This project will identify the necessary components for a high-quality mentorship program for workers in the Ontario manufacturing industry. Through review of existing mentorship programs, interviews with mentors and mentees, and a job analysis procedure for the mentor role, this research will assess the mentoring needs of manufacturing workers. The project will produce a task-based training guide for mentors so that they can most effectively engage with mentees in order to maximize recruitment and retention.
The COVID-19 pandemic has had an unprecedented impact on Canada’s economy. More specifically, it has:
1) exposed deficiencies in supply chains, causing manufacturers to pivot production in order to improve the supply of essential goods (e.g.
The automotive industry contributes significantly to the Canadian economy as well as to the economies of many other countries, providing substantial employment opportunities. In recent decades, the sector has gone through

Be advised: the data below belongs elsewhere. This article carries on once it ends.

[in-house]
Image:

significant restructuring with some countries like Canada unable to prevent declining employment and production figures. The general strategy of policymakers in Canada has been to provide incentives to firms that manufacture
or conduct R&D activities in the country, but this has not brought growth to the industry.
The purpose of this research project is to better understand the human resource needs and capabilities of the advanced manufacturing sector in Ontario so as to support industry competitiveness and technological change. This research also contributes to labour market development for Ontario’s workforce through an analysis of training and educational providers and recruitment and retention approaches. This project is closely related to the Trillium Network for Advanced Manufacturing’s objective of raising awareness of Ontario’s advanced manufacturing ecosystem.
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